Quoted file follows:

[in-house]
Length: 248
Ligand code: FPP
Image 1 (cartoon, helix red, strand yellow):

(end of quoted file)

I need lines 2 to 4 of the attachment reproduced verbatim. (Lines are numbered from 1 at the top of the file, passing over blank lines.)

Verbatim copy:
Length: 248
Ligand code: FPP
Image 1 (cartoon, helix red, strand yellow):